What causes a diamond to turn yellow? Nitrogen. During formation, if nitrogen sneaks into a diamond’s crystal structure and replaces a carbon atom, that substitution can cause the crystal to selectively absorb blue wavelengths of light and selectively transmit yellow. The intensity of the yellow light transmitted is dependent upon the varying amounts of nitrogen.
Yellow is the second most common diamond color after brown. However, when a diamond’s yellow color falls outside of the Gemological Institute of America’s D(colorless) to Z(yellow) scale, it becomes rarer and is considered a fancy-color diamond. The GIA grades yellow diamonds in order of increasing color strength. Fancy Intense and Fancy Vivid yellow generally command higher prices.
Most cutters choose to fashion yellow diamonds into a fancy shape because of the impact it has on the apparent color when viewed from above. Like the fancy yellow pear shape that I so proudly display on my diamond page, and the beautiful cushion cut my clients chose. I just get enough of those happy yellow wavelengths!
Diamonds can be treated to enhance or change their color using various processes including, HPHT (High Pressure, High Temperature), irradiation, annealing, and coating. (Read more on this process) That is one of the many reasons it is vital to buy your diamond from a trusted source that will fully disclose any such treatments and will source diamonds that are accompanied by GIA Certification.
As more and more clients seek non-traditional alternatives to engagement ring center stones, colored diamonds have recently been increasing in demand. And, they come in just about every color of the rainbow!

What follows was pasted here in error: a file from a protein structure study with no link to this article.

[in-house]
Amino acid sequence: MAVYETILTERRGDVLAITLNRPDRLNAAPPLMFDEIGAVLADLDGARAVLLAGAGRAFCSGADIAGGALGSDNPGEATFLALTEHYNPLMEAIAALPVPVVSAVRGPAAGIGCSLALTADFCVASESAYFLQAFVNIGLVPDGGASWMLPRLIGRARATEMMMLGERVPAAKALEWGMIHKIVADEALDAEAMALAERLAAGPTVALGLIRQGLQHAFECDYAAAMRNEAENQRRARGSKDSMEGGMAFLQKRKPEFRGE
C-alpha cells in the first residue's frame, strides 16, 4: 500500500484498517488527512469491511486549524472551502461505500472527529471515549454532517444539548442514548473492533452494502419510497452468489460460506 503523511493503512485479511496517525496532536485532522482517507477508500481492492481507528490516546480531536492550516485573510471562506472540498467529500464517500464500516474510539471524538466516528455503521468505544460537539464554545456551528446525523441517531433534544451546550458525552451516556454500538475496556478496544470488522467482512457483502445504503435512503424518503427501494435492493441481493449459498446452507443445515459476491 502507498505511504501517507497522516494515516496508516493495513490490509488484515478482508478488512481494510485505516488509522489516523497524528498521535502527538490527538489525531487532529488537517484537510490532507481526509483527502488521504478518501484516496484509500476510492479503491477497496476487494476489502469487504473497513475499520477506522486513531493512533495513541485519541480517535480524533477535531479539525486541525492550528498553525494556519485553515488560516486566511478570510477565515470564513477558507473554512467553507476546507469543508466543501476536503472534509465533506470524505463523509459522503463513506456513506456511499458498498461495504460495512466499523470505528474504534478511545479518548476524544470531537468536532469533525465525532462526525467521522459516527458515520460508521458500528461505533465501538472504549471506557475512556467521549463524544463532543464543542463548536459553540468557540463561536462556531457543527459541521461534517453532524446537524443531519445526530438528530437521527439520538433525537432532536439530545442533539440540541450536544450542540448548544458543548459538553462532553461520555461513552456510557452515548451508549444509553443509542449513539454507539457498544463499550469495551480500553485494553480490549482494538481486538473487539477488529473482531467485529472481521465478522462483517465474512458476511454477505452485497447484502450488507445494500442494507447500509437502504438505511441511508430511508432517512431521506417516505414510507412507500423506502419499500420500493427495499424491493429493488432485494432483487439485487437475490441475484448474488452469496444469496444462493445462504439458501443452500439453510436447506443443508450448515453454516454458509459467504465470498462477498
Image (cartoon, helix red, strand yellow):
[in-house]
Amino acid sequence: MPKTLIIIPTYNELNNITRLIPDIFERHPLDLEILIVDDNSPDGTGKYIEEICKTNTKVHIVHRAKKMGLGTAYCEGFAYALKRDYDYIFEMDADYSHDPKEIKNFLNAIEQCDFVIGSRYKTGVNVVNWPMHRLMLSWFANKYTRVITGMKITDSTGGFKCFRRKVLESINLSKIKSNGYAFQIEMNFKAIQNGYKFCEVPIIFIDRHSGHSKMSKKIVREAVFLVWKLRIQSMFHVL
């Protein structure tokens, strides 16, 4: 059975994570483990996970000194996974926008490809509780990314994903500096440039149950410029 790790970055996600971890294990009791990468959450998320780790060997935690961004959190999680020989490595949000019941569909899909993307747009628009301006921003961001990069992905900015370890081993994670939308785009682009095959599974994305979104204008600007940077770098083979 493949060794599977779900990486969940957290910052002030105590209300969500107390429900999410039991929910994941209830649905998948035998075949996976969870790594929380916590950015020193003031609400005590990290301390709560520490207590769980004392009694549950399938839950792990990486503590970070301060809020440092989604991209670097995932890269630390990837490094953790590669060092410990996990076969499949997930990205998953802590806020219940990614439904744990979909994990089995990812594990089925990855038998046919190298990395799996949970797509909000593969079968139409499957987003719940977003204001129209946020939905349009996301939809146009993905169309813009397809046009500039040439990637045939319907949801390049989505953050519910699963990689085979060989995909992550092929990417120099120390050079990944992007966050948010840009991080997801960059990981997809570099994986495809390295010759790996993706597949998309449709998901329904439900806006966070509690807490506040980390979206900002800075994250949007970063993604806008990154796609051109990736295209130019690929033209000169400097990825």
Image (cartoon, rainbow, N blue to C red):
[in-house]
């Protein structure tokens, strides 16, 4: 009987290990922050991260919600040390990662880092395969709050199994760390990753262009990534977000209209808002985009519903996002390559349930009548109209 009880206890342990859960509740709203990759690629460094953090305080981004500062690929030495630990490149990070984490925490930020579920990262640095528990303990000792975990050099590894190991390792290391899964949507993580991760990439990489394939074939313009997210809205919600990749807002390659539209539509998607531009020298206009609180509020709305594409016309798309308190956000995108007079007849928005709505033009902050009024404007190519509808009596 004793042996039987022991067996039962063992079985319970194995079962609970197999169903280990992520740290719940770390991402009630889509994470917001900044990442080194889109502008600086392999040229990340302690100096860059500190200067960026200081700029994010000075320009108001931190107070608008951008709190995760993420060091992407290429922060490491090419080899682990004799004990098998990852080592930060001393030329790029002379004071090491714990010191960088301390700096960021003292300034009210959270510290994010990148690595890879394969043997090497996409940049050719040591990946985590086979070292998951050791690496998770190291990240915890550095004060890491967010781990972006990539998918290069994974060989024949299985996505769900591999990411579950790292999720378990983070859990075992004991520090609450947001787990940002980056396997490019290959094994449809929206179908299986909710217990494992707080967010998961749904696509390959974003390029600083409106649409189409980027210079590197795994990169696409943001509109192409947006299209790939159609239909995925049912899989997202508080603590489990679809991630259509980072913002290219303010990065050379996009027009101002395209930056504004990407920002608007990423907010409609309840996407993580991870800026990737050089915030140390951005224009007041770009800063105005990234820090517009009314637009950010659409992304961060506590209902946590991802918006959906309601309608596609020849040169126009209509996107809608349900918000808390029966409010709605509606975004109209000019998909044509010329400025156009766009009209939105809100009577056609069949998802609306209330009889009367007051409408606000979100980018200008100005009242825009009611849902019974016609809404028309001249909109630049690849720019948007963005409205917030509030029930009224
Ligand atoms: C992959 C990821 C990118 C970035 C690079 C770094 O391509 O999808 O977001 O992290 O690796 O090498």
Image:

Which finally brings me to this gorgeous fancy yellow diamond engagement ring, recently created at K. Alan Smith for clients. The couple had viewed many yellow diamonds on their visits to jewelers while traveling throughout the country and had grown to appreciate a strong saturation of yellow.
In my salon, we previewed numerous diamonds over several sittings to capture the feel of each stone in the carat size range sought. I was not bashful with our exhaustive search to provide a selection of diamonds with a dramatic range of color saturation within the Fancy Intense grade. My clients’ eyes preferred a strong, strong saturation of yellow.
Upon contacting a preferred dealer with important European and Asian connections, I discovered two Fancy Intense stones that had been put away in his vault for future GIA re-certification in hopes of obtaining a Vivid grade. These Fancy Intense Yellow stones truly felt more like VIVID stones. The price escalates dramatically when moving from Intense to Vivid on the GIA scale.
Viewing the stones in my salon, the extreme color saturation of both stones allowed my client to make a perfect decision. A true winner was found!
The client was very involved in the ring design process as we developed renderings via our cad design studio. To fabricate the setting according to the client’s vision, it was critical to have sharp visual edges of the platinum ring shank with a soft contour to the upper platform. The 18K yellow gold head with a simple under-carriage presents the intense yellow color well without detracting from the gem. Happy clients make a happy jeweler!
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